Jon Lansman, the founder of the left-wing grassroots organisation Momentum, has been short-listed for a position on the Labour Party’s governing body, the national executive committee (NEC).
Mr Lansman, an ex-kibbutznik who was instrumental in helping Jeremy Corbyn become party leader, is the nominee for the Momentum slate in forthcoming elections for three new places on the NEC, meaning he is almost certain to be elected.
The move will signal a further strengthening of the left-wing’s grip on Labour with Mr Lansman long campaigning for more grassroots representation in the party with ordinary members having greater influcence over policy and the selection of candidates.
But Mr Lansman has also been willing to speak out on Labour’s continued antisemitism crisis, hitting back at comments by Unite general secretary Len McCluskey and film director Ken Loach during last month’s Labour conference claiming the problem was merely “mood music” in the party.
In an interview on the BBC’s Andrew Marr Show last month Mr Lansman said: “You have to be a Jew to actually experience antisemitism. I have experienced antisemitism, my children who are only half Jewish have experienced it. “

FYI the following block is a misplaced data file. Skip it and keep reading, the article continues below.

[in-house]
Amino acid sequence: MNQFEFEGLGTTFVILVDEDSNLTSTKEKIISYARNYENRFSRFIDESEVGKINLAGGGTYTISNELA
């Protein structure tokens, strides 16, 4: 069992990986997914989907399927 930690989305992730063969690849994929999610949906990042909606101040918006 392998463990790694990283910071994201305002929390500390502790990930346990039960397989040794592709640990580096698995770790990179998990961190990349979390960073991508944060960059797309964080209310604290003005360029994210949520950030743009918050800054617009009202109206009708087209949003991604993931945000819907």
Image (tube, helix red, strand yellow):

Remaining a close ally of Mr Corbyn’s, Mr Lansman, who told the JC in 2016 he was brought up in a “typical Orthodox family” in Southgate, north London, had previously worked for left-wing Labour Cabinet member Tony Benn in the 1980s.
Mr Lansman also argued there is no reason why Zionist Labour supporters cannot find a place in the Corbyn-led Labour Party.
He said: "I have Zionist friends in the party. Jeremy supports the existence of Israel, he wants peace and co-existence. Why should Israel supporters not have a place in Labour? Of course they should. I've been arguing for two states long before it was acceptable within the Jewish community to argue for two states.”
If he wins the place on the NEC, Mr Lansman will join Jewish representative Rhea Wolfson on Labour’s governing body.